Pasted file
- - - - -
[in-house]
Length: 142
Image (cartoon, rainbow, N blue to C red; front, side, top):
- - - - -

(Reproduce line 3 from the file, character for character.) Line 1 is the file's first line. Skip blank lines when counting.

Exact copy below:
Image (cartoon, rainbow, N blue to C red; front, side, top):